Two items from the Herald this week:
70-year-old licked by dog nearly dies from blood poisoning
One paracetamol in pregnancy could raise risk of autism
There has long been an argument over whether the daily news reports should show more good news (that isn’t sports). Supporters of the status quo argue that the bad news is the important news. That might be true for wars and rumors of war, but it isn’t true in stories fishing for a scary health problem.
The dog story reported a cause of sepsis that has been diagnosed about once every two years in the UK over the past quarter-century. Since there are about 30,000 cases of sepsis per year in the UK, that’s 0.00% of cases, to two decimal places. It wouldn’t be surprising if the health benefits of having a dog were larger than this, and it’s pretty clear the benefits in happiness are.
The paracetamol story is the other sort of unnecessary health scare: something that probably isn’t true and certainly isn’t supported by enough evidence for a public-health warning. Since paracetamol has nothing to recommend it as a recreational drug, women who take it during pregnancy are probably doing so for a good reason, and it’s going to be hard to distinguish the effects of that reason from those of the drug.
In fact, the study (Table 2)found that mothers who took paracetamol during pregnancy had slightly lower risk of autism-spectrum symptoms in their children than those who didn’t. However, the mothers who took paracetamol looked as if they should have already have been at lower risk than those who didn’t. When the researchers attempted to control for this, there was basically the same risk of autism-spectrum symptoms in the children of those who took paracetamol as those who didn’t.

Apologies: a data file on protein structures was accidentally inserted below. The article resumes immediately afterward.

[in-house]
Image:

However, the basically-no-difference could be separated out into a higher level of symptoms in boys and a lower level in girls, by a bit more than half a point on a scale where 15 points is the threshold for likely autism. This got reported in the story as
There was also a link with paracetamol and signs of autism – but only in boys.
And the “One paracetamol” headline? There was absolutely no analysis in the paper comparing ‘one paracetamol’ to no paracetamol.